Examiners are People, Too

Last weekend, I rode my bike to DUMBO[1] to confirm that I’m nowhere near cool enough to spend time there. My suspicions were borne out before I even entered the local exceptionally cool coffee house (ECCHO), so I left immediately to write a trademark blog instead. When facing your lack of cool, go back to what you do well.

I knew I wasn’t cool enough because outside the ECCHO was this:


From the relative safety of my LES[2] office I checked to see whether Dog Parker, Inc., the maker of the DOG PARKER, had been able to register their trademark, which seemed to me to be “merely descriptive,” which would prevent its being registered.

I was surprised that they had succeeded in registering DOG PARKER for “Pet boarding services” with only a disclaimer for the word “dog”.[3] The examiner didn’t even question whether DOG PARKER was “merely descriptive” for selling use of this temporary dog house.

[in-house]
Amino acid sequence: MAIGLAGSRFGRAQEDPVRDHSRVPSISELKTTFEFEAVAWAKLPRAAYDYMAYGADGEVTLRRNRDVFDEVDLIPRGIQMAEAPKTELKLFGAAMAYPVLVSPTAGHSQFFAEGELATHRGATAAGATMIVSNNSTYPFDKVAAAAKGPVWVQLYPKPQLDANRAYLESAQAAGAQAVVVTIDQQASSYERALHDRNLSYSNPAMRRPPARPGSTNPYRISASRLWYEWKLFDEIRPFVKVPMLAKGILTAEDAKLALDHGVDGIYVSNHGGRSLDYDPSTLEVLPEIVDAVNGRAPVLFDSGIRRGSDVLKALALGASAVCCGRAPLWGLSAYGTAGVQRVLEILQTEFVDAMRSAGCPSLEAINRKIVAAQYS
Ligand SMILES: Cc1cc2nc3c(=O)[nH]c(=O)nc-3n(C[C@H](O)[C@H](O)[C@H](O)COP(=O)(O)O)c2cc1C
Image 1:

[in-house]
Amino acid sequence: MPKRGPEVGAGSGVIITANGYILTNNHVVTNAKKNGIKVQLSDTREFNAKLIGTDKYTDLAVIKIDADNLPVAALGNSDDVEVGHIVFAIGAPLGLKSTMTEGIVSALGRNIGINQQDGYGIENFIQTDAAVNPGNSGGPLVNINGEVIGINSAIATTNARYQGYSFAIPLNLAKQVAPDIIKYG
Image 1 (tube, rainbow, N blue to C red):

So, was I wrong? Was the Trademark Office wrong?

No one was wrong. It’s just that Trademark Office examiners are individuals and trademark law is a bit of an art, rather than a science. A different examiner may have reached a different conclusion and issued an office action refusing to register the trademark.

That said, if I were Dog Parker, Inc., I would definitely come up with a good generic phrase for this sort of thing so that DOG PARKER doesn’t become the generic phrase and they lose their rights.



[1] DUMBO is an acronym for Down Under Manhattan Bridge Overpass. No neighborhood is cool until it has an acronym.

[2] Lower East Side. I’m almost cool enough to have an office on the LES. Close enough to fake it, anyway.

[3] A disclaimer means that the owner of the trademark doesn’t claim any exclusive rights to a particular word, in this case “dog.”

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